Search Advertising

Be there when people are searching.

Search Advertising Services

Every second there are approximately 60,000+ searches performed on the internet across different search engines. OEPMA knows how to craft effective search advertising campaigns that show up when searchers are looking for something you offer.

Search Advertising FAQ

What is search advertising, paid search, search engine advertising, etc?

Note: All of those phrases in the question mean the same thing. We refer to it as “search advertising” on this page.

Search engines, like Google and Bing, allow advertisers to show text-based ads on search results that they serve users who are completing searches with their product.

Google and Bing serve an add based on a keyword. When the ad is clicked, Google or Bing is paid by the advertiser based on the amount that was bid for the ad. This is also known as “pay-per-click” because the transaction between Google and Bing only happens if an ad is clicked.

These types of ads are shown above and below the organic listings.

How can search advertising help my business?

With a detailed plan, search advertising can do wonders for your business. The most significant advantage of this type of promotion is that it is controlled. You can turn it on and cut it off any time you please, depending upon how much money you have to spend.

You’re not locked into any contract with Google or Bing. If done correctly, search advertising can provide your business with leads and sales instantly. For some, it can serve as their main line of business, and for others, it can bring some activity here and there. It all depends on your industry and your advertising mix and budget.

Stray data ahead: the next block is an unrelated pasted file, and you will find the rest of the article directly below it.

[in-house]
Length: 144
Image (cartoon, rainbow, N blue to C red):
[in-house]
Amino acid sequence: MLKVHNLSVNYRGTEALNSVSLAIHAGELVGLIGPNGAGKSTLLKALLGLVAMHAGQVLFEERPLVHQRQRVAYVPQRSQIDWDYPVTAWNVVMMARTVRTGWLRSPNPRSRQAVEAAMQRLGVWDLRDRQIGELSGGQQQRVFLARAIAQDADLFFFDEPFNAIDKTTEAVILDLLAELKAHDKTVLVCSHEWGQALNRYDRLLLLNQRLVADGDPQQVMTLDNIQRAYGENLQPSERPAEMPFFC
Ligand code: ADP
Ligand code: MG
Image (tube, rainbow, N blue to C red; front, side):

How much of my budget should I dedicate to search advertising?

It depends. Answering this question with something like “25% IS A MUST!” would be a disservice to you. It all depends on your goals, your industry, and your current advertising mix.

If you have never participated in search advertising, we’d suggest you dip your toe in and see what’s going on. You don’t have to break the bank just to see what’s going on. You’ll want to dip your toe in with someone who knows what they’re doing, however. That is very important.

If you have someone in your office do it that isn’t experienced, we can guarantee you that you will have an underwhelming (at best) and costly (at worst) experience.

How does location work in Search Advertising?

Locations are as pinpoint or broad as you would like them to be. You can target a radius around a point on a map, zip codes, cities, whole states, or even entire countries over the world. It allows even the smallest businesses to be able to participate because campaigns can be hyperlocal.

How do Keywords work in Search Advertising?

In the realm of Google Ads, keywords are your gateway to appearing in front of your desired audience on the search engine results page (SERP). For example, a florist looking to capitalize on Valentine’s Day might use keywords like “roses,” “dozen roses,” and “Valentine’s roses” to attract potential customers. A well-crafted campaign, combining the right keywords with an engaging landing page and competitive bidding, can significantly enhance the visibility of your ads.

It’s crucial to recognize that Google Ads’ approach to keyword match types has undergone significant changes. Here’s an overview of the current state of these match types:

Broad Match: